ABSTRACT: Blunt and penetrating chest traumas continue to be associated with a high mortality rate. The related morbidity rate is a also cause for concern because it may result in extended hospitalization and permanent disabilities. The aim of this study was to retrospectively review a series of consecutive patients treated for chest trauma between 1 January 2000 and 31 December 2005, focusing particularly on cases of pneumothorax and hemothorax. alone or in combination, and to critically assess the treatment protocol adopted.
Eighty-one patients with pneumothorax and/or hemothorax were subdivided into two groups. Group I (n = 46) comprised 36 patients with an Injury Severity Score (ISS) <9 and 10 patients with ISS from 9 to 15, all of whom were treated with chest tube alone. Group II (n = 35) included 34 patients with an ISS >9 who were treated with tube thoracostomy and VATS and 1 patient was treated by emergency thoracotomy.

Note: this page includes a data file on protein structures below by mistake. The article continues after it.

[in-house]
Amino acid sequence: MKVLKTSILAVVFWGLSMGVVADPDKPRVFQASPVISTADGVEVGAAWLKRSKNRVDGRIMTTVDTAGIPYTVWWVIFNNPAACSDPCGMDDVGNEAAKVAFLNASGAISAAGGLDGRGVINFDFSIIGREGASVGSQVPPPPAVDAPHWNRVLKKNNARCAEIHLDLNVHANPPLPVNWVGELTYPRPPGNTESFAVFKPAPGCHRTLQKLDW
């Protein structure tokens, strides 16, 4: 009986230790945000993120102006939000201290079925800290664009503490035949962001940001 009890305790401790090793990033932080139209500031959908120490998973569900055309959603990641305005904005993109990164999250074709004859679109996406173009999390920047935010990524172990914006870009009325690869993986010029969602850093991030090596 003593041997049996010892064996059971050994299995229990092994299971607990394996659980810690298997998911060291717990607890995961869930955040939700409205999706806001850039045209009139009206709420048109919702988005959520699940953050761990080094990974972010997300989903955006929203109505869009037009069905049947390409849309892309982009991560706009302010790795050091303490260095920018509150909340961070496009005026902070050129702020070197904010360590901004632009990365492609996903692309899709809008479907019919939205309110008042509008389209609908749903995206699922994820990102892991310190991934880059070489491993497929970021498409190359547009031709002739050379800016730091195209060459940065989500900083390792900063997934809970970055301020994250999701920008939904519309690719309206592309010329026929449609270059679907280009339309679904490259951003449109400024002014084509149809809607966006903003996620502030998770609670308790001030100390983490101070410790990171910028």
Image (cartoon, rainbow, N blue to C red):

The time to complete recovery was virtually identical in both groups.
In light of their own experience and of reports in the literature confirming both the diagnostic and therapeutic efficacies of VATS in chest trauma with pneumothorax and/or hemothorax, the authors propose a treatment protocol prescribing its use 48 h from the traumatic event in all cases of uncontrolled air and/or blood loss. This protocol yielded excellent results, including an uneventful postoperative course, rapid resolution of the signs and symptoms of the chest problem, and no disabling sequelae (empyema and fibrothorax), as well as a relatively shorter hospital stay and hence lower costs than with conservative treatment.
Surgical Endoscopy 10/2007; 22(5):1227-31. · 4.01 Impact Factor